Volume 1 was okay, but a little repetitive as three characters each recalled their encounter with the mysterious Zippo and villainous Volkhan during the war. This Volume promises more flashbacks, but also more actual plot set in the present. Too early to say whether it will be another Black Hole or just another Khronicles of Khaos. I was however amused and delighted to read the references to Howard Quartz this week (Quartz was the owner of Ro-Busters in the strip of the same name which A.B.C. Warriors, and specifically their leader Hammer-Stein, spun out of).

Artwise – and this being a Mills strip the art is incredibly relevant – Clint Langley continues to produce the beautiful CGI he perfected on the Slaine Books of Invasions. Objectively, it is undeniably impressive, but it leaves me rather cold emotionally. How he works at such a high rate of output is remarkable and I recall Mark Harrison’s line about speculating whether he is in heaven or hell producing this stuff (Mark Harrison, which I still associate with Travellers, had a nervious breakdown and nearly died producing CGI for his Durham Red run).

In short, thus far this strip hasn’t blown me away, but nor has it pissed me off in the way that so many previous A.B.C. Warriors strips have. Is it too much to ask for it to actually excite me though?

Stone Island: The Harrowers Part One. Stone Island was one of those uniquely 2000AD strips which came out of nowhere last year, appeared to be an odd mixture of The Shawshank Redemption and Porridge and then quickly spun off in a completely different direction, namely Society-style body horror and alien invasion. It was like having a bucket of cold sick poured onto you when you were least expecting it (unlikely as it sounds, I don’t mean that as a criticism). It stretched Simon Davis, and artist that I am rather ambivalent about because of his over-reliance of photo-reference but is now such a 2000AD stalwart that the comic would feel strange without him. And it seemed very un-Iain Edgington.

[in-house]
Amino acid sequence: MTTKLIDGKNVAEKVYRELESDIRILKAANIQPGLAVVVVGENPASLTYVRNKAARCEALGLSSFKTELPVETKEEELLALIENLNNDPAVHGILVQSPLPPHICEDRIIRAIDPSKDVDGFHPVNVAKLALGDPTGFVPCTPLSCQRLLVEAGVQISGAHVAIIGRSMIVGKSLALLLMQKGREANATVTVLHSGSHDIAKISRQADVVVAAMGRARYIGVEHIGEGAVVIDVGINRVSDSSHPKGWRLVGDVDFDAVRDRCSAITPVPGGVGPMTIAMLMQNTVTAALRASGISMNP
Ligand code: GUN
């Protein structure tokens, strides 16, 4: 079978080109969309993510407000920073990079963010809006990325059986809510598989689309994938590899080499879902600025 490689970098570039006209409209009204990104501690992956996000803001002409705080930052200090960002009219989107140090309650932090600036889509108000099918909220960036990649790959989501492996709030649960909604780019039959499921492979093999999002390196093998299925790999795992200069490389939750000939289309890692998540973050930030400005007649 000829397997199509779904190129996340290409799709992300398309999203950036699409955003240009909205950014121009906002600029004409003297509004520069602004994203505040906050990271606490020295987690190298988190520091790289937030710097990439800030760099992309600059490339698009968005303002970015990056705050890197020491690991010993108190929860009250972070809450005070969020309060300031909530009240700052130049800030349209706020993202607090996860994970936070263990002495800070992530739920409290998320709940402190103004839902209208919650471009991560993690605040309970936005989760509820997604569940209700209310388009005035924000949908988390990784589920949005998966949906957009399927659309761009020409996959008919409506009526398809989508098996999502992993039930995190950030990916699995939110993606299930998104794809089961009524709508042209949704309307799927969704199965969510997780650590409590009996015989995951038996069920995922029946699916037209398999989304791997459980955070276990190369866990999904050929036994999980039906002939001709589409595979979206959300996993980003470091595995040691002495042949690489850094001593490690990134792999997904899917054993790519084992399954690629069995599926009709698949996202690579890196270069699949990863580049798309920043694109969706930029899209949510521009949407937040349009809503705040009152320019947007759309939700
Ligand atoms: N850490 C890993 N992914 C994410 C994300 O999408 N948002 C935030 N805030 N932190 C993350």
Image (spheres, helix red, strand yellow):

The “Andy Dufresne” character having been despatched at the end of the first run, this new strip focuses on the “Stanley Wilson Fletcher” character – now transformed into a weird half alien monstrosity – and the only other character to have made it out of the prison alive, a blond doctor called Sara. Set some time after the first strip, the world appears to have now been completely taken over by the alien invasion. So far, we’re in Survivors/Day of the Triffids territory, with the main characters hiding out in the wild, repelling the odd attack from odd-looking nasties. It’s kept bobbing along quite happily by Edgington’s gift for witty dialogue. Again, we will have to seee how it develops.

A final thought on Stone Island: this is prime material for a computer game franchise. Given that 2000AD owners Rebellion have some interest in that area, I would not be at all surprised if we saw a game based on this before too long. And if its a success of course, a film is sure to follow. Could this succeed in being the breakout hit that 2000AD has always promised but never delivered? You read it here first.


  1. Have to agree on the Dredd story. Very much tick boxing its way through 6 pages, although the premise of a woolly liberal touchy-feely scheme was quite amusing. Surprised Mark Oaten didn’t appear in it…
    I have to disagree with your view of Langley’s art in ABC. I find the huge level of detail of his CGI quite stunning, and the vivid background colours and gradients set it all off.
    I’ll look forward to reading V1 and V2 all together.

    Not got to Stone Island yet, but on first glance the Simon Davis art has a lot of his Sinister Dexter look and feel to it (the female lead looks just like the females in SD).

  2. It’s not that I don’t, objectively speaking, appreciate Clint Langley’s work, it just leaves me cold. I would refer you to Scott McCloud’s Big Triangle for why I think this is.